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Discussion in 'Carry Issues' started by RussP, Jun 22, 2012.
Target shooting blamed for 19 wildfires as dry ground makes ignition more likely
Beetle kill, under average snow fall, high heat, and low humidity have combined to provide great conditions for fire in the west.
How in the hell are you going to blame target shooting on setting wildfires? Just another attempt by anti-gunners to suppress gun owners. They are sure reaching far to push over this BS.
I'm thinking the same. I have seen a fire started by shooting once, in summer in Oklahoma, but it was with a whole lot of .50 BMG tracers. Non-tracers starting fires? Sounds like BS (unless they are trying to mislead, while counting fires started by shootERS rather than shootING).
Two very popular areas for shooting in the Salt Lake area are LOADED with iron. The Lake Range and the south end of Stansbury Island have geologic formations that can actually spark as the rock fragments from a bullet impact.
The current fire burning up the south end of the Salt Lake valley is in the Lake Mountains. That fire may have been started by steel jacketed ammo but there have been many fires in that area over the years because of the iron rich rock. Also sparks are created by shooting old appliances and computers.
The state fire martial said the fire risk in Utah is extreme only because there is nothing higher than extreme. We are sitting in a tinder box. I expect a ban on shooting on public land like they did in 07.
The fire here has burned about 1000 acres and evacuated about 300+ homes so far. The smoke is burning my eyes even in my house.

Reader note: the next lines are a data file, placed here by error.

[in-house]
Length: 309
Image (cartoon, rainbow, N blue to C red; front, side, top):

Edit. Several fires in the last few years have been started by shooting exploding targets, Tannerite, propane bottles and gas cans.
Tooele county, where the current fire started has banned "non traditional targets". Basicly anything other than paper targets, Plastic jugs and bottles or clay pigeons. The two reasons were fires and the amount of trash left on public land. They have been handing out tickets for up to $700 for shooting junk and leaving it.
Many other counties are expected to follow later this year.
For those who think this is bull ****, think again.
Here in AZ many of the rocks are mineral rich. Iron especially. When shooting any kind of ammo that is bimetal,steel core or steel jacketed, you get sparks. You don't see them during the day, but try it at night.
You really have to see it to believe it.
Plus, hot casings can start fires just like vehicle undercarriage.
A cop here did that. Pulled over to help change a tire and his catalytic converter lit the dry cheatgrass under his car.
People who haven't seen it don't realize that it is a real threat. When I was in the Marines, we set several fires using plain old 5.56 ball ammo. That wasn't even dumping ammo, but just target practice.
Stuff always blows up when you hit it on Sons of Guns and American Rip Off ....err Guns.
Twice I have seen small fires started at our range by shooting into dry vegetation on the berm. The first time in the mid-80's it was from .38sp reloads and some 00 Buck.
The second time a decade or so later there was a mix of pistols and revolvers.
Interesting thread here, thanks for the info provided. My area is a total tinderbox right now.
I thought I read some of the fires were started by exploding targets.
Blame target/recreational shooting for causing wildfires = tactic that is often used by the CA anti-gun movement as a catalyst to force county adminstrators to enact changes that would prohibit shooting in unincorporated areas of the county.
Since, it has been fairly successfull in CA to restrict areas for shooting, it is now being exported to other states.
Right, unless is tracers no way, if you drop a cigarette yes but that has nothing to do with shooting.
Shooters questioning blame for fires
Read the title of this story...Target shooting starts brush fire near Saratoga Springs
Okay, now here is the lead paragraph:
I have seen this in a few stories where the title says "shooting" and the story says "shooters".
Fire sparked by shooting evacuates homes in Utah
You are incorrect. Shooting normal ammo can cause a spark depending what the round hits. It happens all the time. I have seen it.